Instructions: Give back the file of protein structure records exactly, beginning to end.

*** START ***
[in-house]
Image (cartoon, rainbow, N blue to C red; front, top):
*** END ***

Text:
[in-house]
Image (cartoon, rainbow, N blue to C red; front, top):